Editing the Pictures

By Jim Colton


   I am sitting on a cold concrete floor of the photo studio on the 13th floor of 444 Madison Ave….home of the venerable news magazine Newsweek. It’s November of 1977 and I was recently hired away from my position as color picture editor for the Associated Press as the magazine was now venturing into including more color pages in their print run, other than their cover and the occasional insert.

   I am surrounded by toys. New, in-the-box, unassembled toys. My job, on my first week at the magazine, was to assemble all the toys to be photographed for an upcoming issue on the “Hottest Toys for the 1977 Christmas season.” I have come from an environment where life itself is a deadline. Working for a wire service, you need to get the picture, get it out quickly…and move on to the next news hole needing art.  And today, I am building toys. I am asking myself, “What did I get myself into?”

After the toys are fully assembled and photographed, I am approached by a rather large and jocular Irishman named Jim Kenney, the photo editor of Newsweek. In his trademark graveled voice he says, “Colt, you’re doing the International section.” This is truly where I began my 17-year, two-stint marriage with the magazine in an era when journalism mattered.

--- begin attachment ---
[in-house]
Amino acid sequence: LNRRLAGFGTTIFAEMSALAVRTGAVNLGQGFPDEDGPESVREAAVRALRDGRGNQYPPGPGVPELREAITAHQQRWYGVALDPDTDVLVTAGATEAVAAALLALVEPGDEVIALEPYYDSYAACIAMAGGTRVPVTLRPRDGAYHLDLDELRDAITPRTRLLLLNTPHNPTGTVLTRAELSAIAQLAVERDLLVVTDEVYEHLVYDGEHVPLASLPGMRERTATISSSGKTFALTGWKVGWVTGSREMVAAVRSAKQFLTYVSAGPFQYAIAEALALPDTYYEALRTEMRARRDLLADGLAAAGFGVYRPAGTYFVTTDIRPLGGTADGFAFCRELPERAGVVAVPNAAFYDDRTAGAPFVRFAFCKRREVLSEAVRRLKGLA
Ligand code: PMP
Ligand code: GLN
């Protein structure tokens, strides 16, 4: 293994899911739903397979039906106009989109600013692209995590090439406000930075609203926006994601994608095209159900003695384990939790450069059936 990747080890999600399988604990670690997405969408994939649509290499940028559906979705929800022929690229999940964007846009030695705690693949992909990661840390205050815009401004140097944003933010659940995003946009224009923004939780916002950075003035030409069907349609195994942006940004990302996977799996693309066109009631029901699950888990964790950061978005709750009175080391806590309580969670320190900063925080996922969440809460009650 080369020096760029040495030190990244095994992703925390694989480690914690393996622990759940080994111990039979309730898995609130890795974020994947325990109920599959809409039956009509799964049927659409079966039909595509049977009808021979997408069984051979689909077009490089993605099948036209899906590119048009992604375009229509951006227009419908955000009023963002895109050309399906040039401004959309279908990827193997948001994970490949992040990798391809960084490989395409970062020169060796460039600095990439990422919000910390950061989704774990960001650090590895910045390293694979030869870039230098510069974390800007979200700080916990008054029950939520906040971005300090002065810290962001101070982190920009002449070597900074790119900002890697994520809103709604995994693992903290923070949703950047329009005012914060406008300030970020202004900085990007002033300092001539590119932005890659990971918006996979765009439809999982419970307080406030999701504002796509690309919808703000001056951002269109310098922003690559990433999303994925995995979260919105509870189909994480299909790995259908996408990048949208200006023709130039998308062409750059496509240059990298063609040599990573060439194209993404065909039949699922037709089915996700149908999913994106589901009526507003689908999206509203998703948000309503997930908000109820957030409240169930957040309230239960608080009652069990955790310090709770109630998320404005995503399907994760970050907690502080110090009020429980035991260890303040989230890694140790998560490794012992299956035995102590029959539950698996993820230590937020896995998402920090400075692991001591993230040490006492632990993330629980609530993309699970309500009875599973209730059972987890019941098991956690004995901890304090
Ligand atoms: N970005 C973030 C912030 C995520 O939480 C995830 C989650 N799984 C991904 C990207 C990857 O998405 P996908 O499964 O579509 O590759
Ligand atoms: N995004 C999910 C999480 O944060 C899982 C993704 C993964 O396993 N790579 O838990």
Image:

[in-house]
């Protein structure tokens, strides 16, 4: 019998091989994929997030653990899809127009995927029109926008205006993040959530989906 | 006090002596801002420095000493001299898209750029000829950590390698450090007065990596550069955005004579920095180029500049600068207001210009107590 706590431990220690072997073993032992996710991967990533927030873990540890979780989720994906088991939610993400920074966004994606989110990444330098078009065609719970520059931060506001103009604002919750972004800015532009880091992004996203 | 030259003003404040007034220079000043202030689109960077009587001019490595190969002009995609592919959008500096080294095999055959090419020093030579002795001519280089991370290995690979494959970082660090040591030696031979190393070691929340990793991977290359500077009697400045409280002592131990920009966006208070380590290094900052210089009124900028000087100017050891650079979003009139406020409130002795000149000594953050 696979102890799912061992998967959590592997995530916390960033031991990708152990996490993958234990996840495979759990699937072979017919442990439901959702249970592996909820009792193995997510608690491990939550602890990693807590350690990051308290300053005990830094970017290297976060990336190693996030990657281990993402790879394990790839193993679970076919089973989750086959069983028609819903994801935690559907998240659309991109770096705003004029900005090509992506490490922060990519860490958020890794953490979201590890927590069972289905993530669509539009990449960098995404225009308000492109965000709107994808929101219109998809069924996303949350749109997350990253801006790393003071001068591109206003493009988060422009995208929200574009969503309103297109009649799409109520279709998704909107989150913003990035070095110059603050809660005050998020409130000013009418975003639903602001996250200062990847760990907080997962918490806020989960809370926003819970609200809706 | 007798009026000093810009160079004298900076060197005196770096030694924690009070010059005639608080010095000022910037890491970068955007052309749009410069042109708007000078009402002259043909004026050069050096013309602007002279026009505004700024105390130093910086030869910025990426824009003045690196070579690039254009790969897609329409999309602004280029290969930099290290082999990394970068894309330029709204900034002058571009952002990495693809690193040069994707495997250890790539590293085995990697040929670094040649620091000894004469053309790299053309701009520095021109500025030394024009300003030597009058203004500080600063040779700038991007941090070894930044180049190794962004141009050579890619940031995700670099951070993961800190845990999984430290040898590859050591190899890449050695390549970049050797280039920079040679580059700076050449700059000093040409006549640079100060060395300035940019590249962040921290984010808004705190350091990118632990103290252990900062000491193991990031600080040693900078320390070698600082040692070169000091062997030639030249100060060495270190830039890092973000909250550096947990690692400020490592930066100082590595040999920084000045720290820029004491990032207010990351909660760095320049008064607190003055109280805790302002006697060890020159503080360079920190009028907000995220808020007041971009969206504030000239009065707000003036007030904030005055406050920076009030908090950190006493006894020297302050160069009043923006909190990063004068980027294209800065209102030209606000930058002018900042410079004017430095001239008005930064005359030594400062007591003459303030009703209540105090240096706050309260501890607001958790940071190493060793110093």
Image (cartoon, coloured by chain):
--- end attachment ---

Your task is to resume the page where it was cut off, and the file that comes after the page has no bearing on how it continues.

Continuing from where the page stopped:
When 2012 comes to a close we will mourn the passing of Newsweek.  It was announced in October of this year that the last analog version of the magazine will roll off the presses for the final time with their December 31, 2012 issue….in favor of…a digital version of the magazine called Newsweek Global.  Many industry experts have blamed everything and everyone from the Editor Tina Brown to the economy and lack of ad sales to the Internet for its demise.

   I have my own theories. I believe the magazine strayed away from its strengths as it searched for a rebirth in our changing times…simply for the sake of change…rather than for the sake of its readers and what their core subscribers actually paid good money to read. The nail in the coffin, in my eyes, was when a certain editor decided to turn Newsweek into the New Yorker….knowing full well there was a great risk of losing much of their 3.1 million subscribers.  They lost more than half that with current subscriptions at around 1.5 million. So much for the first four letters of the magazine.